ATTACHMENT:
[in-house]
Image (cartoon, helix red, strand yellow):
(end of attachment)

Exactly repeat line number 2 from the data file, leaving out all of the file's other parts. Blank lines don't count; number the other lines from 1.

Image (cartoon, helix red, strand yellow):